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Snap Fit Cantilever question [message #52487] Sat, 11 August 2012 09:21 UTC Go to next message
avatar msandoe  is currently offline msandoe
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Registered: October 2011
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So, I'm a raising sophomore in Mechanical Engineering, and I haven't taken my Deforms class yet. I was hoping that one of the smart people on this forum might be able to help me out with that? Rolling Eyes

I'm trying to make a case be able to slide into a cavity, and then lock in place upon reaching the end of the cavity, and then have the user be able to easily unlatch that case and pull it back out to access the contents of said case. I'm thinking my best bet is to have a cantilever hook attached to the case that will latch on to a small notch.

What I need to know is, How wide, thick, and long should I make the Beam of the cantilever and What angles and dimensions should I give the hook to ensure that
1) the beam and/or hook won't snap off,
2) the cantilever hook is still flexible enough to allow the user to unlatch it
3) the case will stay locked when the hook is latched

I'm using the Strong and Flexible Plastic.

I'm pretty sure that what you need to know about the material to solve this problem is here: http://www.shapeways.com/rrstatic/material_docs/mds-strongfl ex.pdf

I just don't know how to use that information Sad

ANY rule of thumb thoughts would also be totally appreciated!

Re: Snap Fit Cantilever question [message #52655 is a reply to message #52487 ] Wed, 15 August 2012 20:02 UTC Go to previous messageGo to next message
avatar msandoe  is currently offline msandoe
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First, I hate to draw attention to myself by spamming my own thread, but I'm hungry for an answer.

Common-sense-wise, is the strong and flexible plastic basically so strong and flexible that I shouldn't be worrying about this? or should I limit the beam length to at most a certain dimension at this thickness? I read this

http://www2.basf.us//PLASTICSWEB/displayanyfile?id=0901a5e18 01499d5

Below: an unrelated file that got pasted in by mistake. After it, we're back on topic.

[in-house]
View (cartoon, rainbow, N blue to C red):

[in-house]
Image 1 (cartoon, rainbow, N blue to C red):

which was posted earlier on the forum about cantilever's, but it kind of requires someone with a little bit of an understanding of deforms to use what it says, i think. I just need a rule-of-thumb answer!
Re: Snap Fit Cantilever question [message #52680 is a reply to message #52655 ] Wed, 15 August 2012 22:26 UTC Go to previous messageGo to next message
avatar BillBedford  is currently offline BillBedford
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.. or maybe it requires you to have a partly working example in front of you to decide how it can be improved.


Bill Bedford
Re: Snap Fit Cantilever question [message #52681 is a reply to message #52680 ] Wed, 15 August 2012 22:44 UTC Go to previous messageGo to next message
avatar msandoe  is currently offline msandoe
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Upon further inspection, I've concluded I haven't given enough context. The .stl files are attached xP

just in case we're foggy on what I was explaining in the first post:

- I want to be able to insert Phone Wallet Tray.stl into Phone Wallet base2.stl ,

- having the cantilever hook on the Phone Wallet Tray.stl go through the hole in Phone Wallet base2.stl into the other compartment of Phone Wallet base2.stl

- there it will snap into a little indent in the wall of that compartment.

-then the cantilever hook should be flexible enough to allow the user to take it out of the indent.

That's the most explicit way I can describe what I'm doing, I think. I hope the .stl's are helpful.